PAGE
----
Military Clemency and Parole Cases

military clemency

We have represented members of all services in the clemency and parole process. All services have a Clemency and Parole Board.

The Service Clemency & Parole Board can reduce the sentence to confinement or place you on parole. Note that if you get to your minimum release date (MRD) and have good time, your release will be under the Mandatory Supervised Release Program.  Clemency is a reduction in your sentence.  Parole is release to a Federal Parole Officer. MSRP is a what I call “parole light.”  Challenges to the MSRP have been denied by both military and civilian courts. United States v. Pena, 64 M.J. 259 (2007); Banks v. United States, CASE NO. 09-3086-RDR (D.C. Kan. 25 November 2013).

Military Clemency and Parole is different than state or federal parole.  In general, a service member sentenced to confinement is eligible for consideration for clemency after serving one year of their sentence, and parole after serving one third of their sentence.  Service members sentenced to 30 or more years are eligible for parole at the ten-year mark.  Service members who did not get a punitive discharge are not eligible for parole but are eligible for clemency.  However, every service has its own rules and regulations. That is why you need an attorney experienced in military clemency and parole.

What the Boards consider

The Clemency and Parole Boards presume the service member is guilty. They will not relitigate the case. But they do look at matters in mitigation.  One of the things they consider is “acceptance of responsibility.”  This can be problematic when a service member’s case is still on appeal. That’s why you need a lawyer with experience in both courts-martial appeals and military clemency and parole.

Another thing they consider is family support, job opportunities, schooling, etc.  For a service member on the sex-offender registry (SOR) this too can be difficult.

How to prepare

In many ways the clemency and parole process can be more important than your court-martial appeal. You and your loved one need to treat it that way.  It is not a DIY project.  I have represented clients before the Army Clemency and Parole Board, the Air Force Clemency and Parole Board and the Navy-Marine Corps Clemency and Parole Board.

To speak to an experienced military clemency and parole lawyer, call us at 706-860-5769 or e-mail bill@courtmartial.com

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  • Disclaimer: The information you obtain at this site is not, nor is it intended to be, legal advice. You should consult an attorney for advice regarding your individual situation. We invite you to contact us and welcome your calls, letters and electronic mail. Contacting us does not create an attorney-client relationship. Please do not send any confidential information to us until such time as an attorney-client relationship has been established.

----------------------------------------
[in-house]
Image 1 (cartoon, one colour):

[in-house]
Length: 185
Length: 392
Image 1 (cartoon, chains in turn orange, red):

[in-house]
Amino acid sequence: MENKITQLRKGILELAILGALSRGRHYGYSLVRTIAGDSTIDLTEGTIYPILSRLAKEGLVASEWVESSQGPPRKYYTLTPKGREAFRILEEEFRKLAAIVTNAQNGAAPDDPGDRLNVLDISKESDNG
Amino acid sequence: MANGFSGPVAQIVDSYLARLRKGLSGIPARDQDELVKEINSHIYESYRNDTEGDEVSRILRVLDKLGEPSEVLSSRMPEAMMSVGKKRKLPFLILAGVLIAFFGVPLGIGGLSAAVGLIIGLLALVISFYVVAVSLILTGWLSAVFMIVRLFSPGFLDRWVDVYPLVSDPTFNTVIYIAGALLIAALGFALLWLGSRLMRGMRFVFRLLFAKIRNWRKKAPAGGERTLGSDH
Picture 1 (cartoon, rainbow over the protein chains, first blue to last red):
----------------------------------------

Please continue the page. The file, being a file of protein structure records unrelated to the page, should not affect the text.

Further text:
William E. Cassara- Military Law Attorney

Recent Accomplishments

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CAAF Reverses Army Court on Hearsay Ruling

By William Cassara | April 30, 2021

In June 2020, the Army Court of Criminal Appeals issued an opinion in United States v. Henry affirming the military judge’s decision to exclude four hearsay statements made by the alleged victim and her son. We discussed that opinion here. The government appealed the Army Court decision to the Court […]

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William E. Cassara, Military Law Attorney

Army Court Reverses Conviction – ACCA Opinion U.S. v. Hannah

By William Cassara | April 24, 2021

We are thrilled to report that the Army Court of Criminal Appeals set aside and dismissed our client’s convictions for two specifications of sexual assault.  We argued that the military judge improperly created the appearance of bias in favor of the government because of her inappropriate conduct toward our client’s […]

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Court of Appeals Clarifies Law on Aiding and Abetting

By William Cassara | March 26, 2021

The Court of Appeals for the Armed Forces recently released its opinion in United States v. Simpson. Gunnery Sergeant (GySgt) Simpson had communicated with a woman, MB, whom he encouraged to take pictures and videos of another individual while in various states of undress without that individual’s consent. MB had […]

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